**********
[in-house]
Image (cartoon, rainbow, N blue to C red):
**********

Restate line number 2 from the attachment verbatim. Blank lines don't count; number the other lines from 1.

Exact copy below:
Image (cartoon, rainbow, N blue to C red):